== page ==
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Topic: electrolytes  (Read 4425 times)

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Offline eamac

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electrolytes
« on: October 27, 2006, 12:24:15 AM »
how can you figure out which substance conducts electricity (in water)  besides testing.

[ i actually already did the testing for sodium chloride, sodium bicarbonate, calcium carbonate, potassium bromide, calcium chloride, copper (II) sulfate and sucrose but for some reason none of them made my light bulb on a circuit light]

now i cant figure out what they would have in common that would cause them to conduct electricity or which of the above would and why.

edit: i dont think calcium carbonate would because it didnt even dissolve.

edit#2: kk just figured out that NaCl ions would conduct sooo conclusion sodium chloride is likely to conduct electricity?  :-\
« Last Edit: October 27, 2006, 12:37:16 AM by eamac »

Offline mike

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Re: electrolytes
« Reply #1 on: October 27, 2006, 01:19:03 AM »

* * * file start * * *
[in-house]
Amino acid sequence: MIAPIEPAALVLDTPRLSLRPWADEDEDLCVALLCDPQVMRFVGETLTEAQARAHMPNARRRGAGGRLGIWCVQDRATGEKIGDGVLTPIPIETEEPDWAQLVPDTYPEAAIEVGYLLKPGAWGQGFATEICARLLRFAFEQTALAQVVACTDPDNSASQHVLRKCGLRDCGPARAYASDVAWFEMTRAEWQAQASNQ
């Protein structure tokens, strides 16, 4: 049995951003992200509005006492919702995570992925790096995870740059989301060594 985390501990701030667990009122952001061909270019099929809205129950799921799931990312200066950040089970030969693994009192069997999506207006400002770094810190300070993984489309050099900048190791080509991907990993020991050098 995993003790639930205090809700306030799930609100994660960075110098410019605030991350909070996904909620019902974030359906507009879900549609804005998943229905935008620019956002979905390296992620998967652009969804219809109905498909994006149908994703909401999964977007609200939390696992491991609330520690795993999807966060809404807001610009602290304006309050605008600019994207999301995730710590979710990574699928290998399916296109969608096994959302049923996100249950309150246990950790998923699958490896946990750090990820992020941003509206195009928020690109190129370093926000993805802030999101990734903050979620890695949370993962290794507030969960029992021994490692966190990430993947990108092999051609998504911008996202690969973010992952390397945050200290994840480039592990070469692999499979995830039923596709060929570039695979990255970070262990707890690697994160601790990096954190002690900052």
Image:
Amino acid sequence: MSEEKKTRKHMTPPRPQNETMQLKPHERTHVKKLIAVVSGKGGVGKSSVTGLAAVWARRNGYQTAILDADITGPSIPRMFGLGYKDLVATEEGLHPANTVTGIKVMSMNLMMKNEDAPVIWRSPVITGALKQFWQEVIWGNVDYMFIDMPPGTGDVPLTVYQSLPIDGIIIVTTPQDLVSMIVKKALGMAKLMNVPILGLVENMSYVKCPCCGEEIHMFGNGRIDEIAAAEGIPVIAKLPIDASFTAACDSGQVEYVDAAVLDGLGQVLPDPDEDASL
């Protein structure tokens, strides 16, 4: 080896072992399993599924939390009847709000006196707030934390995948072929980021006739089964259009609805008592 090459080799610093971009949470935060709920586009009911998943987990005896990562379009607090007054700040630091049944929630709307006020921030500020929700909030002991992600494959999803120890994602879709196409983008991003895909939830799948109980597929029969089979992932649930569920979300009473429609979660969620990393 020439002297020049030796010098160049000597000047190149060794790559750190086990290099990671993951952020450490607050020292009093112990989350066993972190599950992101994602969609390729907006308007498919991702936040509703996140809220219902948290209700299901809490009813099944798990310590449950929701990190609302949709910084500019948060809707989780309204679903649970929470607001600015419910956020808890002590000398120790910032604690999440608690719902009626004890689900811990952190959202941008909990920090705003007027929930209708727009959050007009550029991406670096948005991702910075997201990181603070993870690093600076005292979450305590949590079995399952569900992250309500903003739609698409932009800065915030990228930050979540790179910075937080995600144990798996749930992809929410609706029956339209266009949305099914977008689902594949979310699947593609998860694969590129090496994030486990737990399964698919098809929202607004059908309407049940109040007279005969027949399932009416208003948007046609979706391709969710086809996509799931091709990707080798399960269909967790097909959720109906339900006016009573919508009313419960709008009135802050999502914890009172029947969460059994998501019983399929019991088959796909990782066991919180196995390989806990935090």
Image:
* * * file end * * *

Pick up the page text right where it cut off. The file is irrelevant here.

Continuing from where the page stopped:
Any charged particles in water will increase its conductivity to some extent. You could therefore say that any ionic compound that will dissolve in your water should increase the conductivity.
There is no science without fancy, and no art without facts.

Offline eamac

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Re: electrolytes
« Reply #2 on: October 27, 2006, 07:50:21 AM »
well i thought because they were in water they would all conduct but they dont.

Offline kevins

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Re: electrolytes
« Reply #3 on: October 27, 2006, 11:49:14 AM »
Have you check the circuit work or not?
Try to polish the electrodes with sand paper to remove any surface oxide of metal.
Dissolve sufficient amount of salt in water.

Try again.

Offline eamac

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Re: electrolytes
« Reply #4 on: October 27, 2006, 03:14:20 PM »
The circuit did work cause the light bulb would light when id connect the 2 nails together, just when i put them in water it didnt work. And as for dissolving a sufficient amount we were only supposed to put tip of a splint .. im sure thats what i did  ;D

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